The huge region Blais served under both congressmen had—and has—major infrastructure needs. Blais was often the point person working to coordinate federal dollars, first as earmarks and later often as grants, to address deficits in roads, bridges, rail and broadband.
“I think that the project management I did for both congressmen helped push those along,” Blais said.
During an interview over breakfast in Northampton just before a coffee hour of hers in neighboring Williamsburg, Blais discussed the 1st Franklin’s needs and the stakes. Like others, she noted the regional demographic collapse as the population ages without being replaced by younger residents.
Blais and her family were one of the rare exceptions.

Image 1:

A Recorder article on her appointment to head the Franklin County Chamber of Commerce noted her path to the 413. A former Vermonter herself, appropriately enough, she dabbled in politics in her home state and worked for the namesakes of Ben & Jerry’s ice cream. She moved to the 413 when her husband got a job at Amherst College.
Blais thinks developing co-working space and continued broadband expansion could make the region more attractive to businesses and their employees. She also wants to see the state put more emphasis on rural policy generally that will cover issues from healthcare to education and jobs.
In a follow up email, Blais discussed reforming the commonwealth’s Foundation Education budget and segregate funds for charters schools. She noted that a recent state report found rural school districts spent considerably more per student than other districts.
“At 25 years old, the Chapter 70 formula is antiquated,” Blais emailed. “It fails to reflect growing educational costs, and the burden these costs place on local communities, including the 19 communities of the First Franklin District.”